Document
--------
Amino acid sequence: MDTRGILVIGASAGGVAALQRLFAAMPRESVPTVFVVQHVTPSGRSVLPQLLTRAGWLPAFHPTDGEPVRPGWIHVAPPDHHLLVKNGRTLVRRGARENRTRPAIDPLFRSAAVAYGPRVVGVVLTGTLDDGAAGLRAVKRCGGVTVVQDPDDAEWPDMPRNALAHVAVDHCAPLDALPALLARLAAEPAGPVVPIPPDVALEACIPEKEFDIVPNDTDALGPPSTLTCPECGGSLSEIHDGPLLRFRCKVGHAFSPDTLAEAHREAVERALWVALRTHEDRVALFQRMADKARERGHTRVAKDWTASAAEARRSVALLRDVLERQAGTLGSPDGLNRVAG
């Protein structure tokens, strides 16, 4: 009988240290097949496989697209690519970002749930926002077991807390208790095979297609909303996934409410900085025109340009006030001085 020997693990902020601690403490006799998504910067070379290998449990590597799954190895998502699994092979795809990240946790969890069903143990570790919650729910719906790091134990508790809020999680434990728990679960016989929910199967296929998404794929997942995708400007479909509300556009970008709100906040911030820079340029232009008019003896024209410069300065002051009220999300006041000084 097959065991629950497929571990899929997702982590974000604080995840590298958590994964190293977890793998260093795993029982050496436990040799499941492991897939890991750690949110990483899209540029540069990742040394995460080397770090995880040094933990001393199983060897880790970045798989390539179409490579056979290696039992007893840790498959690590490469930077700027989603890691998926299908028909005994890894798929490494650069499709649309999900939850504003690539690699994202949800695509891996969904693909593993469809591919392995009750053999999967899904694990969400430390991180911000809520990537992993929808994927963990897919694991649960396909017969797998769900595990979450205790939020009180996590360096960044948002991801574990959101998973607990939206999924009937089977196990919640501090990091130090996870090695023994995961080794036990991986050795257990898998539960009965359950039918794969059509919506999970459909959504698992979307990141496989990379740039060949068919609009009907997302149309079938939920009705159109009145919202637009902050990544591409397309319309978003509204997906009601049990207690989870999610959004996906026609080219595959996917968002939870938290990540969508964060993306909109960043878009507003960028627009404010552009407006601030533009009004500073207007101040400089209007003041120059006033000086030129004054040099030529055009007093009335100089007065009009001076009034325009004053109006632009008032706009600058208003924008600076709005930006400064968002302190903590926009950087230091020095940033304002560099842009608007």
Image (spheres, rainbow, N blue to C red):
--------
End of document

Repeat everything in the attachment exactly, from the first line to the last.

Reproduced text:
Amino acid sequence: MDTRGILVIGASAGGVAALQRLFAAMPRESVPTVFVVQHVTPSGRSVLPQLLTRAGWLPAFHPTDGEPVRPGWIHVAPPDHHLLVKNGRTLVRRGARENRTRPAIDPLFRSAAVAYGPRVVGVVLTGTLDDGAAGLRAVKRCGGVTVVQDPDDAEWPDMPRNALAHVAVDHCAPLDALPALLARLAAEPAGPVVPIPPDVALEACIPEKEFDIVPNDTDALGPPSTLTCPECGGSLSEIHDGPLLRFRCKVGHAFSPDTLAEAHREAVERALWVALRTHEDRVALFQRMADKARERGHTRVAKDWTASAAEARRSVALLRDVLERQAGTLGSPDGLNRVAG
């Protein structure tokens, strides 16, 4: 009988240290097949496989697209690519970002749930926002077991807390208790095979297609909303996934409410900085025109340009006030001085 020997693990902020601690403490006799998504910067070379290998449990590597799954190895998502699994092979795809990240946790969890069903143990570790919650729910719906790091134990508790809020999680434990728990679960016989929910199967296929998404794929997942995708400007479909509300556009970008709100906040911030820079340029232009008019003896024209410069300065002051009220999300006041000084 097959065991629950497929571990899929997702982590974000604080995840590298958590994964190293977890793998260093795993029982050496436990040799499941492991897939890991750690949110990483899209540029540069990742040394995460080397770090995880040094933990001393199983060897880790970045798989390539179409490579056979290696039992007893840790498959690590490469930077700027989603890691998926299908028909005994890894798929490494650069499709649309999900939850504003690539690699994202949800695509891996969904693909593993469809591919392995009750053999999967899904694990969400430390991180911000809520990537992993929808994927963990897919694991649960396909017969797998769900595990979450205790939020009180996590360096960044948002991801574990959101998973607990939206999924009937089977196990919640501090990091130090996870090695023994995961080794036990991986050795257990898998539960009965359950039918794969059509919506999970459909959504698992979307990141496989990379740039060949068919609009009907997302149309079938939920009705159109009145919202637009902050990544591409397309319309978003509204997906009601049990207690989870999610959004996906026609080219595959996917968002939870938290990540969508964060993306909109960043878009507003960028627009404010552009407006601030533009009004500073207007101040400089209007003041120059006033000086030129004054040099030529055009007093009335100089007065009009001076009034325009004053109006632009008032706009600058208003924008600076709005930006400064968002302190903590926009950087230091020095940033304002560099842009608007």
Image (spheres, rainbow, N blue to C red):